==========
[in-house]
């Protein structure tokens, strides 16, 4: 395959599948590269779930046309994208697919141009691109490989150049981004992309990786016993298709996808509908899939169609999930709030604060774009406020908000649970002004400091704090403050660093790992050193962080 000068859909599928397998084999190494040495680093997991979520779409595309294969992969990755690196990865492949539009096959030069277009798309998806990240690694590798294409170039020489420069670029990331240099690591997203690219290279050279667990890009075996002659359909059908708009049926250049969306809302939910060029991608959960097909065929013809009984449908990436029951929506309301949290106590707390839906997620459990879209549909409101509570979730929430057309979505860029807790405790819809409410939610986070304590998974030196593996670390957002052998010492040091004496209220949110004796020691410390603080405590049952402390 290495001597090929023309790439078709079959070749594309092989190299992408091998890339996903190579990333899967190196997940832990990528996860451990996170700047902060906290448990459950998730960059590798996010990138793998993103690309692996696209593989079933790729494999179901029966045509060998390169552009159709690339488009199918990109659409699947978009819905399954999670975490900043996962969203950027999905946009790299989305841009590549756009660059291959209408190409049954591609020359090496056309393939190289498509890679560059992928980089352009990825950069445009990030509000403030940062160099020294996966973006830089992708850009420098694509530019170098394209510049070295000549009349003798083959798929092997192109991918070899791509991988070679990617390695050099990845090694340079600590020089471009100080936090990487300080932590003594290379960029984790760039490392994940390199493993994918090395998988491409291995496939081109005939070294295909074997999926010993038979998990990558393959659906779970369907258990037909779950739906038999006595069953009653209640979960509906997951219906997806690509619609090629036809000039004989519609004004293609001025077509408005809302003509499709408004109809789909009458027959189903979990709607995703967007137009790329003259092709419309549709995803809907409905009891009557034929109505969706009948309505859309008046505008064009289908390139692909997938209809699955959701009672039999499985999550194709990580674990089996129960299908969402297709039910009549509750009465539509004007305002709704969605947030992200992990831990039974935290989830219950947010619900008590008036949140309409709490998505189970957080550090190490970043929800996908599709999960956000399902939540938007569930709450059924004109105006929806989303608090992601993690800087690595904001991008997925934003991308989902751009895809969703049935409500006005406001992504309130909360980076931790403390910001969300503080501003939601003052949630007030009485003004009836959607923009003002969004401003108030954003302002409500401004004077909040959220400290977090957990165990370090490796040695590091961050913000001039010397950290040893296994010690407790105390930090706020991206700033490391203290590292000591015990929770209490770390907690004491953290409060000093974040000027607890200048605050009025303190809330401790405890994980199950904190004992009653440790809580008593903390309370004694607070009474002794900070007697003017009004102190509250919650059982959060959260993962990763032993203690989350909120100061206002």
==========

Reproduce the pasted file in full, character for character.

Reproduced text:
[in-house]
């Protein structure tokens, strides 16, 4: 395959599948590269779930046309994208697919141009691109490989150049981004992309990786016993298709996808509908899939169609999930709030604060774009406020908000649970002004400091704090403050660093790992050193962080 000068859909599928397998084999190494040495680093997991979520779409595309294969992969990755690196990865492949539009096959030069277009798309998806990240690694590798294409170039020489420069670029990331240099690591997203690219290279050279667990890009075996002659359909059908708009049926250049969306809302939910060029991608959960097909065929013809009984449908990436029951929506309301949290106590707390839906997620459990879209549909409101509570979730929430057309979505860029807790405790819809409410939610986070304590998974030196593996670390957002052998010492040091004496209220949110004796020691410390603080405590049952402390 290495001597090929023309790439078709079959070749594309092989190299992408091998890339996903190579990333899967190196997940832990990528996860451990996170700047902060906290448990459950998730960059590798996010990138793998993103690309692996696209593989079933790729494999179901029966045509060998390169552009159709690339488009199918990109659409699947978009819905399954999670975490900043996962969203950027999905946009790299989305841009590549756009660059291959209408190409049954591609020359090496056309393939190289498509890679560059992928980089352009990825950069445009990030509000403030940062160099020294996966973006830089992708850009420098694509530019170098394209510049070295000549009349003798083959798929092997192109991918070899791509991988070679990617390695050099990845090694340079600590020089471009100080936090990487300080932590003594290379960029984790760039490392994940390199493993994918090395998988491409291995496939081109005939070294295909074997999926010993038979998990990558393959659906779970369907258990037909779950739906038999006595069953009653209640979960509906997951219906997806690509619609090629036809000039004989519609004004293609001025077509408005809302003509499709408004109809789909009458027959189903979990709607995703967007137009790329003259092709419309549709995803809907409905009891009557034929109505969706009948309505859309008046505008064009289908390139692909997938209809699955959701009672039999499985999550194709990580674990089996129960299908969402297709039910009549509750009465539509004007305002709704969605947030992200992990831990039974935290989830219950947010619900008590008036949140309409709490998505189970957080550090190490970043929800996908599709999960956000399902939540938007569930709450059924004109105006929806989303608090992601993690800087690595904001991008997925934003991308989902751009895809969703049935409500006005406001992504309130909360980076931790403390910001969300503080501003939601003052949630007030009485003004009836959607923009003002969004401003108030954003302002409500401004004077909040959220400290977090957990165990370090490796040695590091961050913000001039010397950290040893296994010690407790105390930090706020991206700033490391203290590292000591015990929770209490770390907690004491953290409060000093974040000027607890200048605050009025303190809330401790405890994980199950904190004992009653440790809580008593903390309370004694607070009474002794900070007697003017009004102190509250919650059982959060959260993962990763032993203690989350909120100061206002």